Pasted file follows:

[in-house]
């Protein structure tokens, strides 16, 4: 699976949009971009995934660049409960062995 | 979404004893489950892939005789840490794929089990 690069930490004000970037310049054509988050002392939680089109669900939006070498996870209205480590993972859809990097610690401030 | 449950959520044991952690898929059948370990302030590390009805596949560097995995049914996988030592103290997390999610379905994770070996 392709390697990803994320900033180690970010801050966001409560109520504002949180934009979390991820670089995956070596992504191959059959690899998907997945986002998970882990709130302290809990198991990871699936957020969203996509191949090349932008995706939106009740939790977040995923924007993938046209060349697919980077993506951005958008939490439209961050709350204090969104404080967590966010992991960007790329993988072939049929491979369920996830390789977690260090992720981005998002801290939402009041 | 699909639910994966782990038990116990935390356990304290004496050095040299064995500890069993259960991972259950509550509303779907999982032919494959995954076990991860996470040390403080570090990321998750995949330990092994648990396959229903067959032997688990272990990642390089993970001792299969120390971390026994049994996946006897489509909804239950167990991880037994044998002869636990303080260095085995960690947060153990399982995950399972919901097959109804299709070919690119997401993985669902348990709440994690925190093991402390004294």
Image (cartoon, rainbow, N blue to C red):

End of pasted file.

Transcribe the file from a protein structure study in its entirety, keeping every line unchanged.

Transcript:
[in-house]
């Protein structure tokens, strides 16, 4: 699976949009971009995934660049409960062995 | 979404004893489950892939005789840490794929089990 690069930490004000970037310049054509988050002392939680089109669900939006070498996870209205480590993972859809990097610690401030 | 449950959520044991952690898929059948370990302030590390009805596949560097995995049914996988030592103290997390999610379905994770070996 392709390697990803994320900033180690970010801050966001409560109520504002949180934009979390991820670089995956070596992504191959059959690899998907997945986002998970882990709130302290809990198991990871699936957020969203996509191949090349932008995706939106009740939790977040995923924007993938046209060349697919980077993506951005958008939490439209961050709350204090969104404080967590966010992991960007790329993988072939049929491979369920996830390789977690260090992720981005998002801290939402009041 | 699909639910994966782990038990116990935390356990304290004496050095040299064995500890069993259960991972259950509550509303779907999982032919494959995954076990991860996470040390403080570090990321998750995949330990092994648990396959229903067959032997688990272990990642390089993970001792299969120390971390026994049994996946006897489509909804239950167990991880037994044998002869636990303080260095085995960690947060153990399982995950399972919901097959109804299709070919690119997401993985669902348990709440994690925190093991402390004294």
Image (cartoon, rainbow, N blue to C red):